Filing 10

ORDER to Recast Complaint. Ordered by US MAGISTRATE JUDGE STEPHEN HYLES on 5/9/2024. (mlb)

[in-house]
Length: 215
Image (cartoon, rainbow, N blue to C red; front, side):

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IN THE UNITED STATES DISTRICT COURT FOR THE MIDDLE DISTRICT OF GEORGIA ATHENS DIVISION CAROLYN L. ALEXANDER, : : Plaintiff, : v. : : MELANIE SIMON, et al., : : Defendants. : ________________________________ : Case No. 3:24-cv-00017-CDL-MSH ORDER On February 28, 2024, Plaintiff filed a pro se complaint (ECF No. 1). On May 6, 2024, the Court granted her renewed motion for leave to proceed in forma pauperis (“IFP”) (Docs. 7, 8). As a result, the Court must perform a frivolity review of her complaint. Having done so, for the following reasons, Plaintiff is ordered to recast her complaint. Under 28 U.S.C. § 1915(e)(2), once a court grants a plaintiff’s motion for leave to proceed IFP, “the court shall dismiss the case at any time if the court determines that . . . the action or appeal . . . (i) is frivolous or malicious; (ii) fails to state a claim on which relief may be granted; or (iii) seeks monetary relief against a defendant who is immune from such relief.” An action is frivolous when the complaint “lacks an arguable basis either in law or in fact.” Neitzke v. Williams, 490 U.S. 319, 325 (1989). Additionally, “[a] case is frivolous if the factual allegations are ‘clearly baseless,’ or if it is based on an ‘indisputably meritless’ legal theory.” Johnson v. Wilbur, 375 F. App’x 960, 963 (11th Cir. 2010) (per curiam) (quoting Carroll v. Gross, 984 F.2d 392, 393 (11th Cir. 1993) (per curiam)). A complaint fails to state a claim if it does not include “sufficient factual matter, accepted as true, to ‘state a claim to relief that is plausible on its face.’” Ashcroft v. Iqbal, 556 U.S. 662, 678 (2009) (quoting Bell Atl. Corp. v. Twombly, 550 U.S. 544, 570 (2007)). The factual allegations in a complaint “must be enough to raise a right to relief above the speculative level” and cannot “merely create[] a suspicion [of] a legally cognizable right of action[.]” Twombly, 550 U.S. at 555 (second alteration in original). In other words, the complaint must allege enough facts “to raise a reasonable expectation that discovery will reveal evidence” supporting a claim. Id. at 556. “Threadbare recitals of the elements of a cause of action, supported by mere conclusory statements, do not suffice.” Iqbal, 556 U.S. at 678. “Pro se pleadings are held to a less stringent standard than pleadings drafted by attorneys and are liberally construed.” Bingham v. Thomas, 654 F.3d 1171, 1175 (11th Cir. 2011) (per curiam) (quotation marks omitted). Nevertheless, while “[c]ourts do and should show a leniency to pro se litigants not enjoyed by those with the benefit of a legal education[,]” the Court is not permitted “to serve as de facto counsel for a party” by “rewrit[ing] an otherwise deficient pleading in order to sustain an action[.]” GJR Invs., Inc. v. Cnty. of Escambia, Fla., 132 F.3d 1359, 1369 (11th Cir. 1998), overruled on other grounds as recognized in Bilal v. Geo Care, LLC, 981 F.3d 903, 911 (11th Cir. 2020). In this case, Plaintiff appears to assert an action under 31 U.S.C. § 3730, part of the False Claims Act. In pertinent part, Plaintiff alleges “contractor fraud” against Keith Alderson—allegedly a contractor at the United States Department of the Treasury— because he submitted false claims against Plaintiff. Compl. 2, 4, ECF No. 1. Although 2 unclear, Plaintiff appears to relate some medical bills totaling $15,000.00, with acts committed by Mr. Alderson, as well as Melanie Simon, who is allegedly General Counsel for the Georgia Department of Community Health and Human Services, along with Plaintiff’s alleged Chapters 13 and 7 bankruptcy actions, and an alleged theft of $4,264.00 in Plaintiff’s income tax. Id. at 2, 4. Plaintiff also alleges she is disabled, she has been defamed, and she also sues Georgia Governor Brian Kemp, as well as Russell Carlson, the Commissioner of the Georgia Department of Community Health. Id. at 2, 4. “The False Claims Act is the primary law on which the federal government relies to recover losses caused by fraud.” Bingham v. HCA, Inc., 783 F. App’x 868, 870 (11th Cir. 2019) (per curiam) (quoting McNutt ex rel. United States v. Haleyville Med. Supplies, Inc., 423 F.3d 1256, 1259 (11th Cir. 2005)). Private persons may file a form of civil action (known as qui tam) against, and recover damages on behalf of the United States from, any person who . . . “knowingly presents, or causes to be presented . . . a false or fraudulent claim for payment or approval . . . [or] knowingly makes, uses, or causes to be made or used, a false record or statement to get a false or fraudulent claim paid or approved by the Government.” Id. (alterations in original) (quoting United States ex rel. Clausen v. Lab. Corp. of Am., Inc., 290 F.3d 1301, 1307 (11th Cir. 2002)). “The purpose of the Act . . . is to encourage private individuals who are aware of fraud being perpetrated against the government to bring such information forward.” Ragsdale v. Rubbermaid, Inc., 193 F.3d 1235, 1236 n.1 (11th Cir. 1999) (emphasis added) (citing United States ex rel. Williams v. NEC Corp., 931 F.2d 1493, 1497 (11th Cir. 1991)). The False Claims Act, however, does not permit recovery of damages for acts 3 committed against a private individual. Rather, a qui tam plaintiff is instead filing suit on behalf of the United States, for a fraud committed against the United States, and as a partial assignee of the United States’ damages claim. Indeed, “[a] qui tam relator has suffered no [] invasion [of a legally protected right],” and it is “the United States’ injury [that] suffices to confer standing on [the relator].” Yates v. Pinellas Hematology & Oncology, P.A., 21 F.4th 1288, 1309 (11th Cir. 2021) (alterations in original) (internal citations omitted). “The False Claims Act does not create liability merely for a health care provider’s disregard of Government regulations or improper internal policies unless, as a result of such acts, the provider knowingly asks the Government to pay amounts it does not owe.” United States ex rel. Clausen, 290 F.3d at 1311 (citation omitted). “Without the presentment of such a claim [to the Government], while the practices of an entity that provides services to the Government may be unwise or improper, there is simply no actionable damage to the public fisc as required under the False Claims Act.” Id. (citation omitted). Additionally, the False Claims Act is a “fraud statute” for the purposes of Federal Rule of Civil Procedure 9(b). Id. at 1309-10 (holding that Rule 9(b) applies to False Claims Act actions). “Generally, federal civil complaints need only state ‘a short and plain statement of the claim showing that the pleader is entitled to relief.’ And each averment should be ‘simple, concise, and direct,’ with no technical form of pleading required.” Id. at 1308 (quoting Fed. R. Civ. P. 8(a) and (e)). However, in all claims of fraud or mistake, “‘the circumstances constituting fraud or mistake shall be stated with particularity. Malice, intent, knowledge, and other condition of mind of a person may be averred generally.’” Id. (quoting Fed. R. Civ. P. 9(b)). Complaints filed pursuant to the False Claim Act that do 4 not meet Rule 9(b)’s requirements of particularity are subject to dismissal. Id. at 1310 (collecting cases of dismissal for failure to comply with Rule 9(b)). Finally, there are additional procedures to follow when filing a proper False Claims Act action. These include, among others, the filing of the complaint in camera, sealing of the complaint for at least sixty (60) days, and the complaint is not served on the defendant until the Court orders. 31 U.S.C. § 3730(b)(2). Here, Plaintiff has not alleged a claim has been submitted against the Government. Rather, she alleges that she was subjected to false claims filed against her. Further, Plaintiff has not pleaded with particularity the circumstances constituting fraud or mistake. While Plaintiff need not prove her allegations at the pleading stage, this Court “cannot be left wondering whether [she] has offered mere conjecture or a specifically pleaded allegation on an essential element of the lawsuit.” Id. at 1313. As a result, the Court will afford one opportunity to recast her complaint. Plaintiff shall have TWENTY-ONE (21) DAYS from the date of this Order to file a recast complaint to address these shortcomings. Plaintiff’s recast complaint shall take the place of and supersede all allegations made in the original complaint. The Court will, therefore, consider only the factual allegations and claims contained in Plaintiff’s recast complaint. The Court will not consider those facts contained in Plaintiff’s original complaint or other documents submitted to the Court. Accordingly, any fact Plaintiff deems necessary to prosecute her lawsuit should be clearly stated in her recast complaint, even if Plaintiff has previously alleged it in another filing. Plaintiff shall also clearly identify those individuals she wishes to include as named 5 defendants in this case. It is also recommended that, when drafting her recast statement of claims, Plaintiff succinctly state in a numbered list (1) who Plaintiff seeks to include as a defendant, (2) what each defendant did to violate the False Claims Act, (3) when and where each action occurred, and (4) how the Government was injured by each defendant’s actions. Because Plaintiff appears to assert a claim under the False Claims Act, Plaintiff must be mindful of her obligation to comply with the specificity rule when pleading acts of fraud or mistake. See Fed. R. Civ. P. 9. Finally, Plaintiff must comply with all of the procedures mandated by the False Claims Act if she wishes to continue with her claims under the Act. See 31 U.S.C. § 3730(b). The Court warns Plaintiff that that it may dismiss her action without prejudice pursuant to Federal Rules of Civil Procedure Rule 41(b) for failure to prosecute and failure to comply with a court order. See Fed. R. Civ. P. 41(b); see also Betty K. Agencies, Ltd. v. M/V Monada, 432 F.3d 1333, 1337 (11th Cir. 2005) (explaining that a court may sua sponte dismiss an action pursuant to Federal Rules of Civil Procedure Rule 41(b)); Smith v. Bruster, 424 F. App’x 912, 914 (11th Cir. 2011) (“[T]he district court may sua sponte dismiss an action pursuant to Federal Rule of Civil Procedure 41(b) if the plaintiff fails to comply with court rules or a court order.”). Rule 11(b) of the Federal Rules of Civil Procedure also prohibits the filing of “a pleading, written motion, or other paper . . . for any improper purpose, such as to harass, cause unnecessary delay, or needlessly increase the cost of litigation.” Fed. R. Civ. P. 11(b). If an attorney or unrepresented party violates this rule, the Court may order sanctions on its own initiative, including “reasonable attorney’s fees and other expenses directly resulting from the violation.” Fed. R. Civ. P. 6 11(c)(4). In summary, Plaintiff shall have TWENTY-ONE (21) DAYS from the date of this Order to submit a recast complaint. Plaintiff is also advised that she must immediately notify the Clerk of Court of any address change. Her failure to fully and timely comply with this Order—including failing to notify the Clerk of any address change—will result in the dismissal of this action. SO ORDERED, this 9th day of May, 2024. /s/ Stephen Hyles UNITED STATES MAGISTRATE JUDGE 7